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Recently, I was fortunate enough to speak to Jaime Preciado, bassist for up and coming post- hardcore innovators Pierce The Veil on the Portsmouth date of their most recent sell-out UK tour. He chatted to me about, among other things: hot sauce, bad crowds, and how exactly he ended up breaking his foot on the first night of their tour.

So, Jaime, one night on UK soil and you’re already nursing an injury! What happened to your foot?

Well, yesterday, our bus was parked underneath a pier and as we were walking back from the club at about 3am, we were walking over the top of the pier and I realised the bus was directly underneath us. It would have been a stupidly long walk to go round, and our trailer was right there under the pier awning, and it was only about a four-five foot jump, so I thought it would save time if I just jumped off the awning onto the trailer, then onto the bus. No problem! So I just climbed down onto the awning, jumped on the trailer, which caused my foot to hurt way more than it should have! I went into the bus, took my shoe off and my foot was bright red, and then this by this morning it had swelled up like a balloon! So I’m probably going to stand up for one song tonight, and sit down for the rest, it depends on how I feel though.

Well, I hope you’re feeling a bit better in time for this evening! So, how did you guys start playing together as a band?

Vic [vocals] and Mike [drums] are brothers, so they’ve basically known each other forever! They started the band in early 2007, but they’d been writing music for a while, and their prior band had stopped playing together. Tony [lead guitar] and I had also been playing in a band together, but that had fizzled out and he was just working in a guitar shop when Mike came in and got talking to him about trying to start a band. They just became friends and were jamming together a lot, and when Mike mentioned he was looking for a bass player, Tony told him about me! Then we met with Vic and we just gelled really well, even though Tony and I had more of a hardcore background and Vic and Mike had a much more punk background, we just clicked together as a band.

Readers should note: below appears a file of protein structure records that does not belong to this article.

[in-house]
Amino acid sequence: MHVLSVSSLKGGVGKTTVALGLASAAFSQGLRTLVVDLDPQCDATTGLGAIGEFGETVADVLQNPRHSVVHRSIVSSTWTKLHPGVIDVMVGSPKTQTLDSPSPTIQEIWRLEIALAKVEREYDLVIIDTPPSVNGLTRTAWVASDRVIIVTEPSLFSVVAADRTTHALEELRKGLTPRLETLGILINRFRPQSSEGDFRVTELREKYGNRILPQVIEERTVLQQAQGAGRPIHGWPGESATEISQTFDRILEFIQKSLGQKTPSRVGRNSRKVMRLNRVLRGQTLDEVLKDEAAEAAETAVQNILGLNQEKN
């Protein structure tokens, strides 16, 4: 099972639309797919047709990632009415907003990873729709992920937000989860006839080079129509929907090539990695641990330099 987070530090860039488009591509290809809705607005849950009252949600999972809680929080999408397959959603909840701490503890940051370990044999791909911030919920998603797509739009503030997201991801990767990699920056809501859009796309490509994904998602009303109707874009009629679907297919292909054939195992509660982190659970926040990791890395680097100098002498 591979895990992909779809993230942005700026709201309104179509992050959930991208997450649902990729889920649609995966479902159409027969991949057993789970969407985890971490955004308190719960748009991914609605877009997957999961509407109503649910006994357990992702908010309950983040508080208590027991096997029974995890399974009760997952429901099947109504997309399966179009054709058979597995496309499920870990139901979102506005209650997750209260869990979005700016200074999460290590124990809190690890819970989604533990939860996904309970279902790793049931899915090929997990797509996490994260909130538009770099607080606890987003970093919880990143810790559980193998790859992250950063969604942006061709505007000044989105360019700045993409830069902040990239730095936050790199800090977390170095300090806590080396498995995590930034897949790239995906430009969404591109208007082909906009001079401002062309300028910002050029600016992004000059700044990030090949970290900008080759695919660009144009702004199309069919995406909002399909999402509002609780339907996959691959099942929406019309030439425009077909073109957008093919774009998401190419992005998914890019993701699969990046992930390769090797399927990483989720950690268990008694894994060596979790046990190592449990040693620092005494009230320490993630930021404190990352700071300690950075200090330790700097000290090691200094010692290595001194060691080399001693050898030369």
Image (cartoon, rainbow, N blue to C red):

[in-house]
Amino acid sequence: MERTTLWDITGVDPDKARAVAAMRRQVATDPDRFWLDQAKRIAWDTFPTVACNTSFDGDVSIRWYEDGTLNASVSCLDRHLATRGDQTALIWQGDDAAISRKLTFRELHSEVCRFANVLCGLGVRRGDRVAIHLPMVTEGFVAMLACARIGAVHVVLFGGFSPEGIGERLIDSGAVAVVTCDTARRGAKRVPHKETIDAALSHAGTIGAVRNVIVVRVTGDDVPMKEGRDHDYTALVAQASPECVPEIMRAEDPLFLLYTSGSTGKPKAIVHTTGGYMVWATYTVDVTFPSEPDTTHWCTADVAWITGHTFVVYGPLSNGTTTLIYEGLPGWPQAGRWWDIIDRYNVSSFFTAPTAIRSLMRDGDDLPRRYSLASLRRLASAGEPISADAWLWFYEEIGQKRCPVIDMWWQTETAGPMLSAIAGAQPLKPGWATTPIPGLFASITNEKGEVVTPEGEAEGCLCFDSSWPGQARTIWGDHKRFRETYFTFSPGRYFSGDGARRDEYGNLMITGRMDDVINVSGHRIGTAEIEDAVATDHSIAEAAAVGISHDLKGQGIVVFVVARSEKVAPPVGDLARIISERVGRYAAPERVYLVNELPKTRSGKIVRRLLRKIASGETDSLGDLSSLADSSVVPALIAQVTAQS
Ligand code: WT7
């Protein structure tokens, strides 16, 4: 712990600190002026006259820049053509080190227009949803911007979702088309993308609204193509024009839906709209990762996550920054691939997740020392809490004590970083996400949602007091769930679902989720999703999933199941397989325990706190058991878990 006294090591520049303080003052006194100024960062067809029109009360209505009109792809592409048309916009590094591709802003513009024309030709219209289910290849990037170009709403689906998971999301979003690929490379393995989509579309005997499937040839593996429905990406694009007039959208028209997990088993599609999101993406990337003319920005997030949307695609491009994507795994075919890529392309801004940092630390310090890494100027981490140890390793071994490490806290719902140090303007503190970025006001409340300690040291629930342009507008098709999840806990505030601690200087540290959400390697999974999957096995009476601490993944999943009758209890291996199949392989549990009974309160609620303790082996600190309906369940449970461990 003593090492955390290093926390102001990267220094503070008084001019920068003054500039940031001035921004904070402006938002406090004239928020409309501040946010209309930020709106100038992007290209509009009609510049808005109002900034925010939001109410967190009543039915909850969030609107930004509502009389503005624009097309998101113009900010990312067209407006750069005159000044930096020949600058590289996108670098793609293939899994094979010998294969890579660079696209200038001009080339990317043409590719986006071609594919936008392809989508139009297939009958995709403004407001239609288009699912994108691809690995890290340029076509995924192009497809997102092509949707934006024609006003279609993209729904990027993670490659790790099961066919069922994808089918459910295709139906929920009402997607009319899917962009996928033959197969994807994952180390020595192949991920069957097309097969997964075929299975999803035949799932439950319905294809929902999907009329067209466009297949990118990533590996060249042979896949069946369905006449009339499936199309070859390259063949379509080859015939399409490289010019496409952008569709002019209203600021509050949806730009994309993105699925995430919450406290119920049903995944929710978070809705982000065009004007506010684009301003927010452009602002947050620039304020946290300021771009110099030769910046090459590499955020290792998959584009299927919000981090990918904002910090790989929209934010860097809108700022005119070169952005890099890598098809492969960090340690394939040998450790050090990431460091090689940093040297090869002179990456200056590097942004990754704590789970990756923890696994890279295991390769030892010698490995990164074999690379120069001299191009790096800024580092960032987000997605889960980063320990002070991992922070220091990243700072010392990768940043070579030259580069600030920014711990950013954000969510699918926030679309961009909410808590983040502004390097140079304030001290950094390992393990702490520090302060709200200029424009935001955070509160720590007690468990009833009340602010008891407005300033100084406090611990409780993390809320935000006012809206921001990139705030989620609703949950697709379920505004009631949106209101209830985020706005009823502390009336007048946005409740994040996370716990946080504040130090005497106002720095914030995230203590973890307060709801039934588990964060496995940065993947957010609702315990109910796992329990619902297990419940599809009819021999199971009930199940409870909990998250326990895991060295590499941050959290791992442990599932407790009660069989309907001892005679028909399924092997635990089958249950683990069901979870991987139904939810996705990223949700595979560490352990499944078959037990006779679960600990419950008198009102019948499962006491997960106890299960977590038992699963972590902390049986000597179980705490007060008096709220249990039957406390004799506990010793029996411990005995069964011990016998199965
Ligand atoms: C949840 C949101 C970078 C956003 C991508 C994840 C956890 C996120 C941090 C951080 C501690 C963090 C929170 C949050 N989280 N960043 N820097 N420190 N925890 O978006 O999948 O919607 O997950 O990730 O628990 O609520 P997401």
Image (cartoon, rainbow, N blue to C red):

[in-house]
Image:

Are there any bands in particular that are really big inspirations for you guys?

We’ve always enjoyed really fast paced kind of punk music, I was personally a huge fan of Thrice, and for me going to their shows was really eye opening, showed me what being in a band could be like. Nowadays though, we often get inspired by just the people we play with and our fans, just the things we see every day.

You’ve toured with a variety of bands, some pop-punk, like All Time Low and others that are more post hardcore such as Chiodos. Do you gravitate to one style of music more than the other or do you try and position yourself some way between the two?

We try not to think of it like that, to be honest. Kids are so diverse now in the styles of music that they listen to, we weren’t really worried about sounding similar to the other bands. We’d be hesitant to play a bill where every band sounded very similar though, we wouldn’t want people to get bored! It’s good for people to be able to go and see a bit of everything and maybe something a bit different to what they’re used to.

Have you ever got a really bad reception from a crowd at a show?

Yeah, the worst was one of our first UK tours, we were supporting A Day to Remember at these massive shows, and on one of the shows, we came out, played our first song and as soon we finished one song, we heard hundreds of people start to boo! We had no idea what to do, so after the first couple of times it happened, we just stopped having breaks between the songs and just played our whole set through, pretty much continuously. We didn’t give them a chance to boo!

At the other end of the scale, have you ever had any really intense fans come up to you?

There’ve been a couple who’ve given us strange things, but it can be really touching too. There was one kid who gave me a razor blade, just to kind of show that our music had really touched them and helped stop them from hurting themselves. That was pretty intense. There are also the fans who will get your handwriting tattooed on them if you sign their arm or something, and I have the worst handwriting, so I always feel really guilty about that!

What kind of dynamic do you guys have within the band, is there one of you who’s the band joker, for example?

Well the joker would probably be me! I can be pretty ridiculous. Tony’s a really quiet guy, because he’s so shy, but after a couple of chardonnays he’s completely different. The quiet ones always go the craziest! When we first started the band we were worried it would be a bit divided between me and Tony and Vic and Mike, but we became a unit pretty quickly. We’ve all got our own kind of unique personalities and the fans really connect with that, it’s nice for us.

And, finally, why do you have hot sauce as one of your merch items?

Well, we all consider ourselves to be hot sauce connoisseurs, and when label came to us and said ‘Do you want to make some hot sauces?’ we thought it was a great idea! We just love hot sauce!

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